On Monday of last week, the U.S. Supreme Court issued a new ruling on “donning and doffing” of work-related clothing. The decision has added some clarity as to “compensable” versus “non-compensable” time, but its application is limited to union employers, and it still leaves room for debate as to where you draw the line.
Under federal law, a union employer is not required to pay for “time spent in changing clothes or washing at the beginning or end of each workday,” provided that such time is “excluded from measured work time” by virtue of a collective bargaining agreement, practice or custom. This seems simple enough. But, in the work setting, what are “clothes”? And what constitutes “changing” clothes? What if I am wearing clothes for “protection,” versus “decency or comfort”? And what if I am just “adding” clothes, as opposed to taking something off and replacing it with something else?
Looking to the dictionary, the Court determined that the term “clothes” means anything that is “both designed and used to cover the body” and is “commonly regarded as dress.” It includes clothes that are worn for “protection,” but does not include everything that is “worn on the body,” such as “accessories” and “tools.” The Court construed “changing clothes” to mean “altering” ones clothing, either by “substituting one item for another” or putting “clothes on over other items already worn.”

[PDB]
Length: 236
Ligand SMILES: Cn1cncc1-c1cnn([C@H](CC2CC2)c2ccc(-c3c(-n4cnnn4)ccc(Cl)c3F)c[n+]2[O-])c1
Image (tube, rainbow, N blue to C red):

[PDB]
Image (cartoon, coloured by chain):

Applying these definitions that Court found that flame retardant jackets, protective pants, protective hoods, hardhats, protective snoods, wristlets, work gloves, protective leggings and metatarsal boots fell into the category of clothes. The Court found that safety glasses, ear plugs and respirators fall into the category of equipment, and not clothes.
The Court went on to state that when an employee spends time donning both clothes and non-clothing items, compensability will depend on how much time is spent on each. “If an employee devotes the vast majority of time in question to putting on and off equipment or other non-clothes items,” none of the time would qualify as “time spent in changing clothes.” Conversely, “if the vast majority of time is spent donning and doffing ‘clothes’,” as defined by the Court, “the entire period qualifies, and the time spent donning and doffing other items need not be subtracted.”
Two things to keep in mind about this decision. First, the Court was dealing with a union employer and a union contract that specifically covered donning and doffing. The outcome would be different in a non-union setting or in a union setting with no contract or past practice on donning and doffing. Second, the Court gave no clear guidance as to what constitutes the “vast majority” of time. Vast means “huge, “enormous,” “immense” and “of very great extent.” Something less than 100%, but more than 50%. Between those two guide posts, employers and unions will need to use their best judgment.